Scripps-Howard News Service 10.09.02
NBC-TV's "American Dreams," the new Sunday evening show
about the 1960s, has aired twice to date. If the producers hoped
to replicate something like the success "Happy Days" had
turned out to be, the news is not good.
Above all else, there is an excessive presence of teenagers. No,
I am not speaking of the assorted boys and girls who provide the
focal point of the - so far embarrassingly thin - story line. I
am speaking of the persons who produce, write and direct this offering.
No doubt their biological ages suggest adulthood, but their information
base is somewhere around the junior high school scene.
The collaboration of the National Education Association and the
Department of History at the University of California/Los Angeles
has terminated the teaching of proper history in the United States.
But the more optimistic among us have retained the slender hope
that some acquaintance with America's ways in the second half of
the twentieth century might have survived in the minds and souls
of the thirty- and forty somethings.
"Father knows worst" could well be an alternative title
to the series. A more readily certifiable moron would almost be
unthinkable, even, in Patricia Ireland's dreams. He is awful to
his wife, he is awful to his son, he is awful to his daughter. Oh
yes, and he is awful to his son's football coach, a catholic priest
who himself is too awful for words. You can just see him accused
of having molested his players about, say, three episodes from now.
Not since the heyday of the Soviet film industry at the height of
Socialist Realism have I seen such cardboard cutouts, reciting dialogue
written by the Department for Agitation and Propaganda.
Of course, opposite the oppressor father, we encounter the mother
about to awaken to real womanhood. Of course, her husband turns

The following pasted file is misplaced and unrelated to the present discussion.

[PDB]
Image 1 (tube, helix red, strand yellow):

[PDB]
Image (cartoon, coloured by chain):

down absolutely everything she asks, suggests, begs. But wait! She
has another enemy, the chairman (-woman, -person) of her book circle
who runs the outfit Dachau style. Mother wants to read the book
she wants to read. The book of her choice has a very, very red cover,
naturally, and is being brandished about at every possible turn.
Jewels of human imbecility abound. An assistant producer of American
Bandstand - the TV show at the center of all happenings - keeps
taking a cigarette out of his pocket, putting it in his mouth, then
searching every pocket for a match. The picture cuts away every
time before he would find the match, producing an unlit cigarette
dangling from his mouth whenever we see him. No doubt, the producers
wish to remind us of the shameful heresy, the awful habit of smoking,
still prevalent in the 1960s. But, clearly, the studio where the
series is being shot has a no-smoking rule, so the actor can't actually
Have we run out of space in our insane asylums? (Or is it asyla?)
On a similar note, we hear the priest admonishing the father because
the latter's son has "disrespected" the coach. Ladies
and Gentlemen of the writing staff: "disrespect" existed
as a noun, also as an adjective ("disrespectful"), but
never was used as a verb by the educated in the 1960s.
The general background against which these fascinating human fates
unfold is supplied by the events of the Fall of 1963. Why that particular
time? You guessed it. The assassination of President Kennedy is
exploited to provide substance, otherwise totally absent. Alas,
the event is discussed in the same inane style as everything else
in this program. Clearly, the makers picked Oliver Stone as their
source, rather than history. For those of us who had lived through
that day, and the ones that followed, such trivialization of the
event and its consequences goes beyond the excusable.
Not surprisingly, and crowning this falsehood that pervades our
Sunday night, the final ten-or-so minutes of the second episode
unfolded over a male singer's chant, to be describable only as primordial
throat convulsions. What deceit about an age that was lit up by
the elegant, sophisticated, unfailingly artistic presence of a Nat
King Cole, and the incomparable magic of an Ella Fitzgerald!
"People are killed when they want something and somebody else
wants another thing," thus we are explained how history works.
And the much-maligned teenage anti-hero of American Dreams closes
the curtain by muttering, "Kennedy wanted something."
By this time it would not have surprised me if Mr. Moron the Father
had chimed in, "What? Marilyn Monroe?"